English - Britain
    Pukka is a very versatile word. The Hobson-Jobson gives sundry meanings and uses:

    - a pukka brick = one that is burnt and not just baked in the sun
    - pukka built = strongly built, made of stone
    - a pukka house = solidly built
    - a pukka road = road with stone surface rather than a dirt road
    - a pukka appointment = permanent, not temporary
    - a pukka colour = colour that will wash, is water resistant
    - a pukka roof = solid roof, not a thatched one
    - pukka news = reliable news

    The OED mentions:

    - of full weight, genuine e.g. Is the banknote pukka or counterfeit?
    - certain, reliable, authentic, true, proper, socially acceptable; e.g. Wilkins isn't pukka. (He's not behaving in a socially acceptable way)
    - permanent (a building or position of employment)

    Pukka is more common in demotic usage than in formal contexts though it does appear sometimes.
    In British military parlance the expression 'pukka gen' is common; it means reliable information. Like other military language it is also sometimes used by civilians.

    Other uses I've seen or heard are:
    - to make a pukka effort (make a real effort)
    - a pukka bed (a real bed, not a camping bed)
    - pukka parliament (the real, not the fake one)
    - pukka food versus junk food
    - How are you feeling? Pretty pukka. (Pretty good)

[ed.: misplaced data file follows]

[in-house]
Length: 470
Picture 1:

se16teddy

    Senior Member
    English - England
    The assumption of the sentence is that in the natural order of things the leader of the Conservative party is from an appropriate - that is, pukka - family, meaning an aristocratic or at least a very wealthy (but not of course nouveau riche) family. There was a period from the 1970s to the 1990s when his was not the case, but we are back on track now.

    I say this is the assumption of the sentence. It may not be the assumption of the author, who may be spoofing the assumption of the sentence.
     
    Last edited:

    Aelius Valerius

    New Member
    English - Britain
    we are back on track now

    Though one must wonder how any family can stay pukka if they get so closely involved in politics. It would seem to be mutually exclusive.
     

    PaulQ

    Senior Member
    UK
    English - England
    Entangledbank's post #12 is definitive (and very funny)

    In Bengali, Pukka is the opposite of Khachha. The latter, when used by the British of the Raj, means, unripe (of fruit); not quite completed but nevertheless used for its purpose; built of native materials; not quite to the required standard - "He lived in a khachha hut."
     
    Top